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Darren Aronofsky
Jennifer Lawrence, Javier Bardem, Michelle Pfeiffer, Ed Harris
Writing Credits:
Darren Aronofsky

A couple's relationship is tested when uninvited guests arrive at their home, disrupting their tranquil existence.

Box Office:
$69 million.
Opening Weekend
$7,534,673 on 2368 Screens.
Domestic Gross

Rated R.

Aspect Ratio: 2.35:1
English Dolby Atmos
French Dolby 5.1
Spanish Dolby 5.1
Portuguese Dolby 5.1
English Audio Description
Supplements Subtitles:

Runtime: 121 min.
Price: $34.99
Release Date: 12/19/2017

• “The Downward Spiral” Featurette
• “The Makeup Effects of mother!” Featurette
• Blu-ray Copy


-LG OLED65C6P 65-Inch 4K Ultra HD Smart OLED TV
-Marantz SR7010 9.2 Channel Full 4K Ultra HD AV Surround Receiver
-Sony UBP-X800 4K Ultra HD Blu-ray Player
-Chane A2.4 Speakers
-SVS SB12-NSD 12" 400-watt Sealed Box Subwoofer


mother! [4K UHD] (2017)

Reviewed by Colin Jacobson (December 17, 2017)

For his first effort since 2014’s Noah, ambitious filmmaker Darren Aronofshy returns with 2017’s mother!. A famous poet (Javier Bardem) and his young wife (Jennifer Lawrence) take up residence in a remote home.

Struck with writer’s block, the poet hopes that this setting will spur his creative juices, and his wife attempts to assist him as she restores the house. This starts to unravel when an older man (Ed Harris) shows up at their house and eventually invites his wife (Michelle Pfeiffer). Matters slowly spiral out of control from there.

Aronofsky seems like a polarizing director, though I admit I can’t quite get a handle on how I feel about him. On one hand, I actively loathed the pretentious and absurd Black Swan, but I liked Noah and Requiem for a Dream, so I don’t let my disdain for Swan override everything else.

With mother!, we get Good Aronofsky and Bad Aronofsky crammed all into one intriguing, befuddling and occasionally maddening package. The film clearly failed to resonate with audiences, as not only did the movie bomb at the box office, but also those who did see it awarded it spectacularly low ratings.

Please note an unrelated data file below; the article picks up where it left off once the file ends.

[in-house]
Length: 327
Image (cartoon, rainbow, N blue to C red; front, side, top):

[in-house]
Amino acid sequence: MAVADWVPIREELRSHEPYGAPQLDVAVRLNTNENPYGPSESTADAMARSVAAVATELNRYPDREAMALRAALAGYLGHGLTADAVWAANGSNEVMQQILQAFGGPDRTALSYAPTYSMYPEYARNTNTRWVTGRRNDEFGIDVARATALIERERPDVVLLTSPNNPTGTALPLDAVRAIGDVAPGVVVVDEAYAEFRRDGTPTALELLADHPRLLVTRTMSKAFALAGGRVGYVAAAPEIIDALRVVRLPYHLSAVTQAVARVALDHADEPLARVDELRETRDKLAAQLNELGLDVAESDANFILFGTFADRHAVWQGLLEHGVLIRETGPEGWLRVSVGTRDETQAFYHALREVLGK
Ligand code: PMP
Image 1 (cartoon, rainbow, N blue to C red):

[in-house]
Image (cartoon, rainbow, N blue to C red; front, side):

To some degree, I blame the promotional campaign for mother!, as it made promises the film couldn’t deliver. Paramount touted it as an “event movie” – ads promised “you will never forget where you were the first time you saw mother!.

Based on the trailers, I think audiences expected some form of Gothic horror film, not the warped, mind-bending effort they got. Inevitably this led to severe disappointment and anger.

I saw mother! theatrically and found myself between the extremes. While I understand the dissatisfaction it inspires, I think it delivers an often dynamic and engaging effort.

For its first two acts, at least, as the movie goes off the rails during its final third. Granted, Aronofsky walks a tightrope, as he builds a tale anchored in metaphor that doesn’t shy away from surreal imagery and a lack of realism from the start while he still tries to keep the viewer invested in some form of realism.

Let’s face it: we need to attach to the wife and the poet as people if we’ll connect to the increasingly outrageous story. As noted, Aronofsky offers distorted, surreal material from the film’s onset, but the movie seems grounded in the real world enough to let us dig into it.

These moments fare best, as the film succeeds when it sticks with the perplexing rather than the genuinely bizarre. The visitor and his wife behave strangely, but not to such a degree that they seem wholly unbelievable. This allows the movie a sense of skewed reality that intrigues us and provokes us to figure out the nature of the material.

Interpretations of the story/characters vary, though Biblical allusions abound. The visitor and his wife clearly stand in for Adam and Eve, which makes the poet God and the young wife “Mother Earth”. The visitor’s kids become Abel and Cain – and so on.

I also think the story offers an allegory for the Price of Fame. We see the way fans treat the poet and their ever-increasing demands along with abhorrent behavior. Throw in Lawrence’s status as a “tabloid queen” and it doesn’t become a stretch to interpret that side of the tale.

However one dissects the movie, I feel it keeps us engaged best during those initial two acts. After that, the metaphors fly fast and violent as the movie becomes wholly unhinged.